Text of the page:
Volume 5, Issue 37 (205 Issues Since 15 October 2010)
Sherman Writes Atlanta’s Mayor Not “War is Hell,” but “War is Cruelty, and You Cannot Refine It.” He Explains Why All Atlanta Residents Must Leave and Outlines the Union’s Case Against the South.
September 12, 1864. Atlanta Mayor James M. Calhoun surrendered the city to Sherman on September 2, 1864. After Sherman ordered the evacuation of the remaining civilian population on September 7, Calhoun and the city council protested, arguing that most of those still in the city could not leave on account of their age, sickness, or poverty. In reply, Sherman wrote:
Gentlemen: I have your letter of the 11th, in the nature of a petition to revoke my orders removing all the inhabitants from Atlanta. I have read it carefully, and give full credit to your statements of the distress that will be occasioned, and yet shall not revoke my orders, because they were not designed to meet the humanities of the case, but to prepare for the future struggles in which millions of good people outside of Atlanta have a deep interest. We must have peace, not only at Atlanta, but in all America. To secure this, we must stop the war that now desolates our once happy and favored country. To stop war, we must defeat the rebel armies which are arrayed against the laws and Constitution that all must respect and obey. To defeat those armies, we must prepare the way to reach them in their recesses, provided with the arms and instruments which enable us to accomplish our purpose. Now, I know the vindictive nature of our enemy, that we may have many years of military operations from this quarter; and, therefore, deem it wise and prudent to prepare in time. The use of Atlanta for warlike purposes is inconsistent with its character as a home for families. There will be no manufactures, commerce, or agriculture here, for the maintenance of families, and sooner or later want will compel the inhabitants to go. Why not go now, when all the arrangements are completed for the transfer, instead of waiting till the plunging shot of contending armies will renew the scenes of the past month? Of course, I do not apprehend any such thing at this moment, but you do not suppose this army will be here until the war is over. I cannot discuss this subject with you fairly, because I cannot impart to you what we propose to do, but I assert that our military plans make it necessary for the inhabitants to go away, and I can only renew my offer of services to make their exodus in any direction as easy and comfortable as possible.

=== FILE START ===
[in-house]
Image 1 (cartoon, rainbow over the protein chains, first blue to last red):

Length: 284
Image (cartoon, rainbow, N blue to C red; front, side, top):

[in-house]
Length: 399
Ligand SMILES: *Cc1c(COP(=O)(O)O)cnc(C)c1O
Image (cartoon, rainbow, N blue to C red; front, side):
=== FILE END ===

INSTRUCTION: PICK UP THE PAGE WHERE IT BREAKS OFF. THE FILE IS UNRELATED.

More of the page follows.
You cannot qualify war in harsher terms than I will. War is cruelty, and you cannot refine it; and those who brought war into our country deserve all the curses and maledictions a people can pour out. I know I had no hand in making this war, and I know I will make more sacrifices to-day than any of you to secure peace. But you cannot have peace and a division of our country. If the United States submits to a division now, it will not stop, but will go on until we reap the fate of Mexico, which is eternal, war. The United States does and must assert its authority, wherever it once had power; for, if it relaxes one bit to pressure, it is gone, and I believe that such is the national feeling. This feeling assumes various shapes, but always comes back to that of Union. Once admit the Union, once more acknowledge the authority of the national Government, and, instead of devoting your houses and streets and roads to the dread uses of war, I and this army become at once your protectors and supporters, shielding you from danger, let it come from what quarter it may. I know that a few individuals cannot resist a torrent of error and passion, such as swept the South into rebellion, but you can point out, so that we may know those who desire a government, and those who insist on war and its desolation.
You might as well appeal against the thunder-storm as against these terrible hardships of war. They are inevitable, and the only way the people of Atlanta can hope once more to live in peace and quiet at home, is to stop the war, which can only be done by admitting that it began in error and is perpetuated in pride.
We don’t want your negroes, or your horses, or your houses, or your lands, or any thing you have, but we do want and will have a just obedience to the laws of the United States. That we will have, and, if it involves the destruction of your improvements, we cannot help it.
But, my dear sirs, when peace does come, you may call on me for any thing. Then will I share with you the last cracker, and watch with you to shield your homes and families against danger from every quarter.
Now you must go, and take with you the old and feeble, feed and nurse them, and build for them, in more quiet places, proper habitations to shield them against the weather until the mad passions of men cool down, and allow the Union and peace once more to settle over your old homes at Atlanta.
Yours in haste,
W. T. Sherman, Major-General commanding.
Reprinted in William Tecumseh Sherman, Memoirs of General William T. Sherman, vol. 2 (New York, 1875), pages 600-602.
Anxious to Not be a Spoiler and Cost Lincoln the Election, Third Party Presidential Candidate Drops Out of Presidential Race
September 17, 1864. Radical Republican John Charles Fremont continued to feel that Lincoln was too slow and too moderate with regard to abolition, but he was appalled by the Democratic platform, which he described as “union with slavery. And so, on September 17, because he felt it was essential that McClellan be defeated, he, and in due course his War Democrat running mate, General John Cochrane, withdrew from the race.
With Fremont no longer a presidential candidate and as the Union’s successes on the battlefield increased during the fall, McClellan’s chances of being elected declined.
– Submitted by Vermont Humanities Council executive director Peter A. Gilbert.